Guided reading: What’s in a name?
By Sue Bodman and Glen Franklin from the UCL Institute of Education.
‘Guided reading’. How is it that two simple words have come to be interpreted (and misinterpreted) in so many ways? Guided reading is a teaching method in which a teacher brings together a small group of children in order to provide explicit and focused teaching. It has been around for so long that maybe we stopped thinking about ‘what’s in the name?’
Let’s step back for a moment and consider what ‘guiding’ in ‘guided reading’ really means, and how the concept helps us to identify a role and a purpose for this type of teaching.
Sometimes guiding involves taking the lead and supporting others to achieve a learning goal. Guiding a learner towards that goal involves knowing the route. Deciding what needs to be brought to the attention of the group requires us to know what the children can control and what is still tentative or just coming under control. Then we can judge when and exactly how much support to offer, in order to foster resilience.
We also need to know the demands of the book to be read. Preparing the book carefully ahead of a lesson enables us to support children to read it successfully for themselves during the ‘listening in’ section of the lesson. This would apply whether our teaching focus is on reinforcing just-taught phonemes from a phonics lesson, securing left-to-right orientation and word-matching with beginner readers, or considering character motives and plot development with Key Stage 2 pupils.
These aspects of guiding ensure that the reading experience is enjoyable and successful.
However, sometimes a guide steps back and lets the learner lead. Guided lessons provide an opportunity for the child to independently apply and practise reading strategies that have been recently taught, either through discrete lessons or through shared and modelled practices.
We teach for independence, and the child is enabled to read a book for themselves, needing less help. In guided reading, a clear, supportive book introduction alerts children to potential challenges in the text and a strategy check enables them to tackle these independently. When we act as a guide, we will have considered the right book for a particular group of children and for a particular purpose.
The choice of the book is crucial. The children will be achieving at a similar level and have similar needs so that the text is appropriate for all. We need to ask ourselves, ‘Is the book worth a lesson?’ A good choice of book provides ample opportunity for children to apply what they know. Most importantly, the book we choose is within the children’s current capability but with an element of challenge and opportunity for new learning.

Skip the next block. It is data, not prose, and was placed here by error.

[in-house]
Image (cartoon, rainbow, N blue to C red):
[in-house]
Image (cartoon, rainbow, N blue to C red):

During the independent reading part of a guided lesson, the teacher as guide can let the reader take control, showing what they can do for themselves. Key to guided reading is the hand-over of responsibility to the learner – that’s the guided bit. The guide is never far away: listening in, watching, ready to come to the aid of anyone who might need support to problem-solve a tricky part and get back on track. A guide needs to be prepared: to know the potential pitfalls and be ready to pre-empt them; to be alert to the unexpected and take action as appropriate; to note what is happening and take a different route to that planned if necessary.
Reading is complex. Teaching children to read requires skill and knowledge: we use assessments to ensure that the book and teaching objectives are pitched at the child’s current competencies; we plan carefully around the book before the lesson to plot teaching points and prepare for any challenges; we consider teaching prompts that will be helpful aids to independent problem-solving. These are ways in which we prepare to be a good guide.
A good guide knows their purpose. To guide effectively, we have good background knowledge of how children learn to read. We are clear which learning outcomes we are supporting the group to achieve.
Guided reading is linked into rich literacy provision, which also includes modelled, shared and independent reading. If guided lessons are separated from the rest of the curriculum, there is a risk they become aimless, as if the point of the lesson is to read that particular book, learn that word or practise that letter-sound relationship. Guiding is more than that. When we gather children together to guide them, our purpose is to enable them to apply all the skills they have at that point in time, in order to become more capable readers.
So, our role in guided reading is a bit like being a travel guide: just as we need a guide to help us get as much as possible out of our visit (what to take with us, how much money we might need and how to plan our itinerary), so the teacher as guide enables children to get so much more out of their encounter with each book. We are setting the learner off on the path to becoming a reader.